Tips For Your Own Ridley Scott Film Festival

Photo of Richard Tulis
8 January 2017

Director Ridley Scott has brought a sumptuous visual style to a succession of science-fiction films, historical dramas, and adventure epics. See if you agree with our suggested program of his best movies.

Ridley Scott | © Ray Pennisi/Flickr

Blade Runner (1982)

Despite its initial stumble upon release, Blade Runner went on to influence the science-fiction genre, acting as a linchpin of sorts for many similar dystopian plots. Scott, who is now well known for his skill in directing sci-fi films, presides over a cast that includes actors Harrison Ford, Rutger Hauer, and Sean Young. Feast your eyes on Blade Runner as it follows Ford – who plays a burnt out mercenary-detective – in hunting down human replicate clones across earth in the year 2019.

Blade Runner | © Li’d/Flickr

American Gangster (2007)

First and foremost, the audiovisual production quality of this film is hard to top. American Gangster also boasts a thick and hearty dramatic plotline, set in inner city Manhattan and focused around the late ’70s drug empire of mob boss Frank Lucas. Dynamically personified by heavy hitter Denzel Washington, Lucas faces off against special detective Richie Roberts (Russell Crowe) in an epic battle on the front lines of the Big Apple.

Manhattan | © cliff hellis/Flickr

Black Hawk Down (2001)

Gruesome, brutally charged, and full of grit, Black Hawk Down prevails as one of the best wartime films available. The story follows the humanitarian intervention initiative of the United States into failed state Somalia in 1993. The film does best to illuminate the physically grueling conditions of battle, and though character development and plot perspectives are not necessarily its crown jewels, the film is undeniably unique. Be prepared to feel for the soldiers and their tactical prowess (which is tested in the midst of calamity and snafu), but most importantly, toughen up ahead of time in order to make it to the end of the film.

Black Hawk Down | © donuzz/Flickr

Matchstick Men (2003)

Peer into the idiosyncratically bizarre father-daughter relationship of Roy Waller (Nicolas Cage) and daughter Angela in Matchstick Men. Riddled by quite an acute case of obsessive-compulsive disorder, Waller struggles to reassess his parenting skills while struggling with the induction of his own daughter into his business pursuits as a con man. The acting is exceptional and the character interaction a centerpiece. Don’t miss out on the twists and turns of this film’s developed and gripping drama.

Out of the Furnace (2013)

Receiving a wide range of critic evaluations, this 2013 movie nonetheless stands out as reflective of Scott’s distinct style. Scott’s expertise in directing sordid, true-to-reality films comes to life in Out of the Furnace, which typecasts the struggle of a blue-collar pair of brothers living in an industrial steel town in Pennsylvania. The town seems to be waning in importance just as fast as the movie’s characters, one of which is a burnt out victim of the war in Iraq (Casey Affleck) – the other a mill worker with a bad drinking habit and sullied track record (Christian Bale). Watch as ethical boundaries become blurred, but revel in the movie’s assurance of bond between family and brotherly blood.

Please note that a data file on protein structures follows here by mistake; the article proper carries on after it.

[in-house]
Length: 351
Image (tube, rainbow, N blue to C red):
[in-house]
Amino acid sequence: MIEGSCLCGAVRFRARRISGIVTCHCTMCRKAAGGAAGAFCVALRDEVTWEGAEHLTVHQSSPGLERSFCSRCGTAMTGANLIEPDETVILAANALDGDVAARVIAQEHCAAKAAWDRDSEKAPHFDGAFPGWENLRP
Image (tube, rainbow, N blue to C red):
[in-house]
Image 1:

Pennsylvania Steel | © Marty Desilets/Flickr

Gladiator (2000)

Step into the arena with Russell Crowe and Joaquin Phoenix for one of Scott’s most memorable projects. Just idealistic enough to woo audiences into seas of rosy-eyed fan girls, yet simultaneously action-packed and slightly bloody, Gladiator will most likely steal your heart and mind. In ancient Rome, captured Spaniard Maximus (Crowe), whose family has been brutally murdered, quests for justice in the arena under the malevolent orders of an Emperor’s corrupt heir, Commodus (Phoenix). Barbarians, Roman soldiers, and roaring lions dominate the screen in this historical fiction nail biter.

Gladiator | © tawyn03/Flickr

The Duellists (1977)

Based on a story by Polish-born novelist Joseph Conrad, The Duellists is actually Ridley Scott’s 1977 debut film. Lauded by the New Yorker as “gorgeous and thrilling,” the film accounts for the story of two French soldiers in the Napoleonic era. True to its name, The Duellists showcases challenge after challenge between the two soldiers, who become deeply entrenched rivals and harbor immense grudges for one another over a period of several years. Sparklingly graphic and defined by its interpersonal elements of competition, the story carries quite well, working hard to do Conrad’s original work justice.

Napoleonic Soldiers | © Alessandro Baffa/Flickr